Officially known as Gadsden’s Alley, this little cut-through between Elliot Street and Broad Street was commonly known as Four Post Alley. It was closed by the city in 1919, but you can still see this part — and a cool hand-painted “Four Post Alley” on the wall of one of the buildings — on the Elliot Street side.
A pretty sunrise as seen from the new high Low Battery — the raised and redone section of the Low Battery, located along Murray Boulevard. The street is named after Andrew Buist Murray, who grew up in a Charleston orphanage. After making a success of himself, he repaid the city in a number of ways, including financing the building of a vocational school on Chalmers Street which bore his name (it’s now condos!).
The Williams Mansion (formerly known as the Calhoun Mansion) is one of the largest single family houses in Charleston, coming it at 24,000 square feet.
This house is just waking up on Legare Street. The Charles Elliot House was built around 1764, when the threat of house fires was very real and dangerous. As a way to help safeguard the house, it cleverly included masonry firewalls between the main rooms — which extended from the cellar to the attic.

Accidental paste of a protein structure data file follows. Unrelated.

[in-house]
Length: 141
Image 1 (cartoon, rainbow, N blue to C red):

A view up the Cooper River to “The Bridge.” One of the great features of the Cooper River Bridge is the 2.7 mile pedestrian/bicycle path, which provides spectacular views of the river, city and harbor. The path is named Wonders’ Way, after Olympic hopeful Garrett Wonders who was killed in a car/bicycle collision.
Stoll’s Alley is one of the wonderful cut-throughs in downtown Charleston. Once called Pilot’s Alley (after the harbor pilots who would use it to quickly get to the harbor), this brick-lined “street” runs between Church and East Bay Streets. At its narrowest, it’s just a few feet wide!